Hislop also has another problem as he must admit that another ancient historian, Megasthenes, reported that it was a "Belus" who built the walls of Babylon. Here is what Megasthenes reports:
It is said that from the beginning all things were water, called the sea: that Belus caused this state of things to cease, and appointed to each its proper place: and he surrounded Babylon with a wall: but in process of time this wall disappeared...
As you may guess from the context, "Belus" was a Babylonian creator-deity. But Hislop doesn't report this; in fact, he misrepresents what the text says of Belus:
As "Bel," the Confounder, who began the city and tower of Babel, had to leave both unfinished, this could not refer to him. It could refer only to his
So Hislop has "solved" his historical problem by conveniently rolling yet another identity into Nimrod - namely, Belus! It doesn't matter to Hislop that Megasthenes doesn't say Belus didn't finish the wall (indeed, his words imply that Belus did finish it). Instead, Hislop covers all his bases by making Nimrod responsible for starting the walls of Babylon, and Semiramis responsible for finishing them! And so, in turn, Hislop also claims that Daniel's "god of fortifications" is none other thanâ€¦you guessed it -- also Nimrod.
Like a Virgin? As noted, one of Hislop's goals was to rebut Catholicism, and to this end he found another use for Semiramis:
As time wore away, and the facts of Semiramis' history became obscured, her son's birth was boldly declared to be miraculous: and therefore she was called "Alma Mater, the Virgin Mother."
The object here, of course, was to imply that this pagan accounting was a source for Catholicism. Not that this would work even if it were true: Hislop himself would hardly deny that Mary was a virgin even when she was the mother of Jesus. Unfortunately, Hislop was so excited about this proposition that he neglected to provide documentation that Semiramis ever was called a "virgin mother." He also does nothing to keep from undermining his own (quote Protestant) belief in the virgin birth, using the same arguments.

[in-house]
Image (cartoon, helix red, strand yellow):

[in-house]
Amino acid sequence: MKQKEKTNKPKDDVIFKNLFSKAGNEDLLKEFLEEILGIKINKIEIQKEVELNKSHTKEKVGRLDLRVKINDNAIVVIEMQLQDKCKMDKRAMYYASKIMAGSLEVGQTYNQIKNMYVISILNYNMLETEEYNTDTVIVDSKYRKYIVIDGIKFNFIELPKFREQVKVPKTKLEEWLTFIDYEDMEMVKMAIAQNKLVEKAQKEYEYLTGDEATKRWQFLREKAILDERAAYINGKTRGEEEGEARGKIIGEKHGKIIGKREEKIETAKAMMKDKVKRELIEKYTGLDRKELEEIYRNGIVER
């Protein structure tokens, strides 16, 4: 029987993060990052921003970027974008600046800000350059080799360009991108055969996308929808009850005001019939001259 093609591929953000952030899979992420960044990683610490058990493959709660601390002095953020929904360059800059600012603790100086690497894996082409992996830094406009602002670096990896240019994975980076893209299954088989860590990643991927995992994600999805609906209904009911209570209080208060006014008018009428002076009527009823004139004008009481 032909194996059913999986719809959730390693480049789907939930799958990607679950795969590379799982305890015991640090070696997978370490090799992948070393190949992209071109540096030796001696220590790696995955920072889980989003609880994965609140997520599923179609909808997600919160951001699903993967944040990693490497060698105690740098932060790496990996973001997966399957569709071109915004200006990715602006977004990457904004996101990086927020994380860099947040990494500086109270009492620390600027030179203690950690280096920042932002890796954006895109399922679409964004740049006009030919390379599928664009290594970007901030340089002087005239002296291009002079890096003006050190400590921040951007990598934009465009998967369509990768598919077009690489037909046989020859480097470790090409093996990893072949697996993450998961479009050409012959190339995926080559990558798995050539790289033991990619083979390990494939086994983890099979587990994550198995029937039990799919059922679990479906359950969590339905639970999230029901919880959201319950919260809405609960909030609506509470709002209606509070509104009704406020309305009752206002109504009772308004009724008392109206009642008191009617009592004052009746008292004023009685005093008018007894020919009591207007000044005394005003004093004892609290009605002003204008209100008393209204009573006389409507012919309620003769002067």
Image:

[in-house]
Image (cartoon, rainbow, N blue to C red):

Even more poorly documented is this argument:
The dove, the chosen symbol of this deified queen, is commonly represented with an olive branch in her mouth, as she herself in her human form also is seen bearing the olive branch in her hand; and from this form of representing her, it is highly probable that she has derived the name by which she is commonly known, for "Z'emir-amit" means "The branch-bearer." (From Ze, "the" or "that," emir, "branch," and amit, "bearer," in the feminine.)
As we noted above, though, "Semiramis" means dove, not "branch bearer." But once again, Hislop has a -- connect the dots explanation: Noah's wild dove (or pigeon) carried a branch back to the ark, and that is how we also turn "Semiramis" into "branch bearer"! Nor can he produce any record of "Z'Emir-amit" as a historical person rather than as a fanciful linguistic construction.
In short, Hislop's treatment of Semiramis, like his treatment of Nimrod, is more fantasy than fact.